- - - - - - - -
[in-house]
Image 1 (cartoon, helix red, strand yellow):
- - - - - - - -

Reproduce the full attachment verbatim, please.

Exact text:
[in-house]
Image 1 (cartoon, helix red, strand yellow):